Ask The Commission About The EU Machinery Directive

If you could, what would would you ask the European Commission about the Machinery Directive? Now is your chance!
Unfortunately, we do not have an appointment with the European Commission yet. However, we do have the next best thing:

CEMarking.Net will soon be interviewing Ian Fraser, former Policy Officer for the Machinery Directive at the European Commission. What questions would you like us to raise? Please send your questions by the 16th April 2014. Simply record your question below, so we can play it directly to Mr. Fraser. You can also send us your questions via email or leave them in the comment box below.

Ian Fraser was Leader of the Team dealing with the making of the Machinery, Cableways, Lifts, ATEX, PPE and Outdoor noise Directives. He has an experience of over 18 years as European Commission Policy Officer, and has also been responsible for the publication of several guide documents, such as the ‘Guide to application of the Machinery Directive 2006/42/EC’.

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6 thoughts on “Ask The Commission About The EU Machinery Directive”

  1. How will the new Medical Device Regualtion that is in process connect or coordinate with the Machinery Directive? Will there be a connection between the two or will they be totally separate as the Machinery is a Directive and the new Med Dvc requiremenets will become a regualtion I belive.

    • Hi Alvin, the interview takes place at 15.00 GMT (London) or 16.00 CET (Amsterdam, Paris, Madrid, Berlin) and only then you can click the link and see the broadcast. I am sorry if that was not clear. There is still a possibility to join.

  2. From a company that manufactures food processing equipment. Can you confirm if each product must be shipped with a full operation & maintenance manual or would it be sufficient to supply a “quick start guide”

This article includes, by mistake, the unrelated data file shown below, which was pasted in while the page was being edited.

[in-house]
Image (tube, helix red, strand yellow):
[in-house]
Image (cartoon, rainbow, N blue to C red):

which would direct you to an electronic copy of this manual available on the
    internet? Alternatively would it be compliant to ship the product with a CD
    containing the manual rather than a hard copy? My company is consuming tens of
    thousands of sheets of paper in user manuals each year and are looking to see
    what is the legally acceptable minimum for shipping with each product.

    • Dear Sir,

      Decision 768/2008 of the European Commission requires:
      “7. Manufacturers shall ensure that the product is accompanied by instructions and safety information in a language which can be easily understood by consumers and other end-users, as determined by the Member State concerned.”

      Clause 1.7 of Annex I to the Machinery Directive (2006/42/EC) defines the rules for instructions. You will read there:

      “1.7.4. Instructions

      All machinery must be accompanied by instructions in the official Community language or languages of the Member State in which it is placed on the market and/or put into service.
      The instructions accompanying the machinery must be either ‘Original instructions’ or a ‘Translation of the original instructions’, in which case the translation must be accompanied by the original instructions.”

      The European Commission’s Guide to the application of the Machinery Directive (2006/42/EC) states:

      Ҥ255 The form of the instructions
      Section 1.7.4 does not specify the form of the instructions. It is generally agreed that all health and safety related instructions must be supplied in paper form, since it cannot be assumed that the user has access to the means of reading instructions supplied in electronic form or made available on an Internet site. However, it is often useful for the instructions to be made available in electronic form and on the Internet as well as in paper form, since this enables the user to download the electronic file if he so wishes and to recover the instructions if the paper copy has been lost. This practice also facilitates the updating of the instructions when this is necessary.”

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